“…you can use the long formula with 1.73, but this will get you in the ballpark…”

    Without using the three phase conversion constant (1.73) that you said was not needed to get you in the ballpark, your formula would only give you an answer that was 57.8% of the correct one……..I ask you this question sir:

    Is an answer off by over 42% in the ballpark to you?

    By the way, if I had an ego, then I would have listed the three phase constant as 1.7320508 +/- 1,000,000th.

    Respectfully Submitted,
    John J. Dalton

  9. #9
    Join Date
    Jul 2006
    Location
    Canada
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    60
    Here is a quick easy question for your ego's. What's is the easist way to get your delta T, is it just simply taking the difference from return and supply

  10. #10
    Join Date
    May 2004
    Location
    Los Angeles, CA
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    1,560
    Dear Northwestmechanic,

    Sabre11134 was the one that brought up egos, not me. As far as egos are concerned, based on the complexity of this industry and the growing lack of knowledge I find I don’t poses, I’m not surprised by the mistakes I make in my job, but rather shocked that I don’t more of them.

    As for your “quick and easy question”……………the answer is no, it is not as simple as“…taking the difference from return and supply…” You have to get the air entering and leaving the electric heater as close as you can to the heater, while at the same time making sure you are not in a line of sight between the heating elements and your temperature sensor, least radiant heat would give you a false reading (higher reading).

    Your comments…………..

    Respectfully Submitted,
    John J. Dalton CM

  11. #11
    Join Date
    Jun 2006
    Posts
    147
    CFMx1.08x Delta -T air =BTU/ Hr. So what is the required airflow for a 10kw duct heater to keep it from riding limits? If I use this formula based on figures obtained from the duct heaters temp rise and and CFM ? Will I get 10 kw regardless of air volume? I know I'm not the sharpest tack in the box. Thanks, Ken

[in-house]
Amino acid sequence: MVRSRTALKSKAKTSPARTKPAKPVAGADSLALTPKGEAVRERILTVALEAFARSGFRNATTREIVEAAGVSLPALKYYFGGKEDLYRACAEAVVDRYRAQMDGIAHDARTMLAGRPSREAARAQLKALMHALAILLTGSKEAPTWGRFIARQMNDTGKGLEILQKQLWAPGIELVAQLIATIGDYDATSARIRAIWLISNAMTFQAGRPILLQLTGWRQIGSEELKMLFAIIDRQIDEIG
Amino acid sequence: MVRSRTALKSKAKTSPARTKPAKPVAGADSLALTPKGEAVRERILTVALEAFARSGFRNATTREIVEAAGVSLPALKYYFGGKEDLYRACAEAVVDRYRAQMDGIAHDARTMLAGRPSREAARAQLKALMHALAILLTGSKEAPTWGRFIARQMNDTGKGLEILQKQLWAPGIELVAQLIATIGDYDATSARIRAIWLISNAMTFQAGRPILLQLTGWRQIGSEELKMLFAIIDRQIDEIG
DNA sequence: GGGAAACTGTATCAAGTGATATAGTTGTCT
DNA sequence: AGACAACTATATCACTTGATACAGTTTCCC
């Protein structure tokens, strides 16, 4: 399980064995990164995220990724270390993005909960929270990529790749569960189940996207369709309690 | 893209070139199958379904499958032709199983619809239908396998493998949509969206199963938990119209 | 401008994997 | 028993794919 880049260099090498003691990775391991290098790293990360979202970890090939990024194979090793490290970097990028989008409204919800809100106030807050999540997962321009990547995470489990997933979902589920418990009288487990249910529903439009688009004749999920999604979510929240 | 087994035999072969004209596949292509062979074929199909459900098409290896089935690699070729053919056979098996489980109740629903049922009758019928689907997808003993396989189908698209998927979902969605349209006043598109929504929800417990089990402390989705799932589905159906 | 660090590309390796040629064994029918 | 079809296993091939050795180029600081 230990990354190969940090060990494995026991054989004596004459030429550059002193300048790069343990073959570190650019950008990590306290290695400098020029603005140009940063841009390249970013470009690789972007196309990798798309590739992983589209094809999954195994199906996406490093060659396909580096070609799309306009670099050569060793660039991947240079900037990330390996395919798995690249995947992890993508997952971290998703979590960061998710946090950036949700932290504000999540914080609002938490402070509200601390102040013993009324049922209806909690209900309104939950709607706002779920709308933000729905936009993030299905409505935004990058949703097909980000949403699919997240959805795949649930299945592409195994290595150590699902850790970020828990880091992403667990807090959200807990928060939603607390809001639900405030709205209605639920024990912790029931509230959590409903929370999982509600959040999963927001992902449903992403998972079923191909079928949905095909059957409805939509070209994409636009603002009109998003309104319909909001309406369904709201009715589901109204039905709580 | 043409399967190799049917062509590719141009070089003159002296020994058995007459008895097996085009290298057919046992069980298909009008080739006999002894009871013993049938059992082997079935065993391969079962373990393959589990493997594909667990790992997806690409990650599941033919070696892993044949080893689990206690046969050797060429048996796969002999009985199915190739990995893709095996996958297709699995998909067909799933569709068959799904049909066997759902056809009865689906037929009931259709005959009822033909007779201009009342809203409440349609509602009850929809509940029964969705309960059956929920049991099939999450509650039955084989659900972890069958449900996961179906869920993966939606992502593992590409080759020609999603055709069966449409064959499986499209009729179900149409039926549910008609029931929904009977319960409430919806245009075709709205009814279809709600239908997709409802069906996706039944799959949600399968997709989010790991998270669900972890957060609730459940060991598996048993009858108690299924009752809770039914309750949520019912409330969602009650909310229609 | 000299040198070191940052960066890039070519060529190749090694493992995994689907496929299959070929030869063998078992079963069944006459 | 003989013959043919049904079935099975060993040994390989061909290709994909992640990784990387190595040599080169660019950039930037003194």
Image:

12. #12
    Join Date
    May 2004
    Location
    Los Angeles, CA
    Posts
    1,560
    Dear Joken,

    Regarding your posted question:

    “…So what is the required airflow for a 10kw duct heater to keep it from riding limits?..”

    Although the range of temperature rise through a normal duct heater will differ drastically based on the application, the type of heating element used in the heater, the type, location, and range of high limit controls, and the heater manufacturer, an acceptable range is between 20 and 40 degrees F for most conventional HVAC uses. If we were to take a mid-range of 30 degree F as our target point we could then perform the following calculation to determine our target CFM value:

    (10,000 w x 3.41) / 30 degrees F x 1.08 = 1,052 CFM

    Hope this helps…………………

    Respectfully Submitted,
    John J. Dalton CM

  13. #13
    Join Date
    Jun 2006
    Posts
    147
    John, If answering these questions is your job, you are doing it well and I thank you. I actually only have 500cfm which equates to around a 60 degree rise. I need that much for reheat when the RTU is cooling. I'm trying to make a poor design work. Do you have an opinion as to wheather the reheats will hold up. 145 limit on the bottom 240 center and top. I guess time will tell since they need to be that large. Thanks again, Ken